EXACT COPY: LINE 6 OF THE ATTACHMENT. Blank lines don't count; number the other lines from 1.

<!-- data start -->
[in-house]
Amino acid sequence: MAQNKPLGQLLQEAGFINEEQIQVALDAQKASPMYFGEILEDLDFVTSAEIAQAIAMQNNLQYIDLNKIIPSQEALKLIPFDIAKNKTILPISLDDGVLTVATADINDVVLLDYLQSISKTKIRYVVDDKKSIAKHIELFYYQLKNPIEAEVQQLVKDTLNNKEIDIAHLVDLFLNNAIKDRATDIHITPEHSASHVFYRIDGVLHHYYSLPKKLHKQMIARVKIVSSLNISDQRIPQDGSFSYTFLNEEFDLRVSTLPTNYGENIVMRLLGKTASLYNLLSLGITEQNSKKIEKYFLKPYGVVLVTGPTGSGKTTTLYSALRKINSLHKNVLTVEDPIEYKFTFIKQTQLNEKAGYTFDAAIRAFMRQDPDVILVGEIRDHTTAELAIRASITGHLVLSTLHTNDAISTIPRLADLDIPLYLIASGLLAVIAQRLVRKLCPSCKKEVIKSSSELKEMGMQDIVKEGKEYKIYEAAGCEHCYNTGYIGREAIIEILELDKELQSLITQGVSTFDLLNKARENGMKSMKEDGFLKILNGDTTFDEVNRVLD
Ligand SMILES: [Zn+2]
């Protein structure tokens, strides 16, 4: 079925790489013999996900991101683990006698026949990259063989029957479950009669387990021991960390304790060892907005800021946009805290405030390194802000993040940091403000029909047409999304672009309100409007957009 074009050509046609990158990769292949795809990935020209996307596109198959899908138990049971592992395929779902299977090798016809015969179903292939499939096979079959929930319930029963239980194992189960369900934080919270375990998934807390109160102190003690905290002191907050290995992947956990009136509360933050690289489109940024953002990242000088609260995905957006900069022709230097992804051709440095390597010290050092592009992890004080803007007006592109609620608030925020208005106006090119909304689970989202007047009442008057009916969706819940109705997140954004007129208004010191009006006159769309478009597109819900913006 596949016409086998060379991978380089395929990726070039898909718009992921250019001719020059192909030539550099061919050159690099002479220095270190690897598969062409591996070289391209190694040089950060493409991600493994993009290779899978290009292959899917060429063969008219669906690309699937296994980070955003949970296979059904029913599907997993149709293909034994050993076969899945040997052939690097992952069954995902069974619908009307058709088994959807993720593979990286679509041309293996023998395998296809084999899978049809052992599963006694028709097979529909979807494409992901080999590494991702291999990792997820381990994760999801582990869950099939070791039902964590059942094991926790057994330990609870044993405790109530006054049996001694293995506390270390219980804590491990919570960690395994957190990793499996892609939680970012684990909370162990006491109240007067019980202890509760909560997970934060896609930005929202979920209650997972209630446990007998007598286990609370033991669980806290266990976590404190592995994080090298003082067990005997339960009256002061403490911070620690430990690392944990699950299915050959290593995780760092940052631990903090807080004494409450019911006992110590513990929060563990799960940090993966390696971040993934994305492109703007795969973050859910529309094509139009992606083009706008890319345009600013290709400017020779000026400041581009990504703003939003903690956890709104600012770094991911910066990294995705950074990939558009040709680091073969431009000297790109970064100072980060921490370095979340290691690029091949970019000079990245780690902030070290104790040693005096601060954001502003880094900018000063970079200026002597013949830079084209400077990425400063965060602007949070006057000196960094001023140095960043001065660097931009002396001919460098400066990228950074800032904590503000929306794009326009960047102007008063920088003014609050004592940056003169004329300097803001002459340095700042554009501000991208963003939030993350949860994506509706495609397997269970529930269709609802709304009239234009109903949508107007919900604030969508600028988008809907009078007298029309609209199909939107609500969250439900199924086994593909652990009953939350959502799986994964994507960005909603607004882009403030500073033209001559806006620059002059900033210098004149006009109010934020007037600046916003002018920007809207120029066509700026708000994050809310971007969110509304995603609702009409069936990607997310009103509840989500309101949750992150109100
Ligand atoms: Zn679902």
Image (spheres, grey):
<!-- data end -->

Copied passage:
Image (spheres, grey):